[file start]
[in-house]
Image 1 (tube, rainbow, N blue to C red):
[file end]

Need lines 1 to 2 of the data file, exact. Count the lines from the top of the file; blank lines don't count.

[in-house]
Image 1 (tube, rainbow, N blue to C red):